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The Jungle Book Online For Free by Rudyard Kipling VideoThe Jungle Book [Full Audiobook] by Rudyard Kipling
There are going to be lots of games and we are sure that if you can play them all you can get into the highest ranks and show us what does a true gamer like you in such situations.
Try to be the one that is going to become the best at all these games and figure out all the details from here so that you are not going to lose, because you are definitely a winner and nothing could ever harm you.
If you do not know a lot about the story we are going to be telling you then let us a few moments so that you are going to hear about every single character around there.
First of all, we have the main character of the story and we are reffering to Mowgli. We are sure that you have heard about him, and that he is a small child whose parents lost him and that is why he has to figure out everything in order to become the best at it.
He was found by a family of wolves and that is how he had been raised. Show us the things that really matter over there and try to share a little compassion in every single matter.
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Enter your email and we will send you a link to reset your password. We call it hydrophobia, but they call it dewanee—the madness— and run. Who are we, the Gidur-log [the jackal people], to pick and choose?
Yes, and there are lots of amazing stories in the book, so many more than those that made it into movies! Say the word for the Hunting-People, then—great scholar.
What is all this dancing up and down? That is great shame. No one else cared. The cool of the summer sun! And then, man-cub? They have always lied.
Why have I never been taken among the Monkey People? They stand on their feet as I do. They do not hit me with their hard paws.
They play all day. Let me get up! Bad Baloo, let me up! I will play with them again. They have no law. They are outcasts. They have no speech of their own, but use the stolen words which they overhear when they listen, and peep, and wait up above in the branches.
Their way is not our way. They are without leaders. They have no remembrance. They boast and chatter and pretend that they are a great people about to do great affairs in the jungle, but the falling of a nut turns their minds to laughter and all is forgotten.
We of the jungle have no dealings with them. We do not drink where the monkeys drink; we do not go where the monkeys go; we do not hunt where they hunt; we do not die where they die.
Hast thou ever heard me speak of the Bandar-log till today? They are very many, evil, dirty, shameless, and they desire, if they have any fixed desire, to be noticed by the Jungle People.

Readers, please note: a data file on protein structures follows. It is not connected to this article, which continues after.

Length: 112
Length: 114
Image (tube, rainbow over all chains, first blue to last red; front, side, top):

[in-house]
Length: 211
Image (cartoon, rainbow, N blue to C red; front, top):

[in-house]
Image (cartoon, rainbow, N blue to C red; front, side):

But we do not notice them even when they throw nuts and filth on our heads. He had hardly spoken when a shower of nuts and twigs spattered down through the branches; and they could hear coughings and howlings and angry jumpings high up in the air among the thin branches.
How was I to guess he would play with such dirt. The Monkey People! A fresh shower came down on their heads and the two trotted away, taking Mowgli with them.
What Baloo had said about the monkeys was perfectly true. But whenever they found a sick wolf, or a wounded tiger, or bear, the monkeys would torment him, and would throw sticks and nuts at any beast for fun and in the hope of being noticed.
Then they would howl and shriek senseless songs, and invite the Jungle-People to climb up their trees and fight them, or would start furious battles over nothing among themselves, and leave the dead monkeys where the Jungle-People could see them.
None of the beasts could reach them, but on the other hand none of the beasts would notice them, and that was why they were so pleased when Mowgli came to play with them, and they heard how angry Baloo was.
They never meant to do any more—the Bandar-log never mean anything at all; but one of them invented what seemed to him a brilliant idea, and he told all the others that Mowgli would be a useful person to keep in the tribe, because he could weave sticks together for protection from the wind; so, if they caught him, they could make him teach them.
The Monkey-People, watching in the trees, considered his play most wonderful. This time, they said, they were really going to have a leader and become the wisest people in the jungle—so wise that everyone else would notice and envy them.
Therefore they followed Baloo and Bagheera and Mowgli through the jungle very quietly till it was time for the midday nap, and Mowgli, who was very much ashamed of himself, slept between the Panther and the Bear, resolving to have no more to do with the Monkey People.
The next thing he remembered was feeling hands on his legs and arms—hard, strong, little hands—and then a swash of branches in his face, and then he was staring down through the swaying boughs as Baloo woke the jungle with his deep cries and Bagheera bounded up the trunk with every tooth bared.
Bagheera has noticed us. All the Jungle-People admire us for our skill and our cunning. They have their regular roads and crossroads, up hills and down hills, all laid out from fifty to seventy or a hundred feet above ground, and by these they can travel even at night if necessary.